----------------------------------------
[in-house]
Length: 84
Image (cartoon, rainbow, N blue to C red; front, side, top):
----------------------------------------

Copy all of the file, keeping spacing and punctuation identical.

[in-house]
Length: 84
Image (cartoon, rainbow, N blue to C red; front, side, top):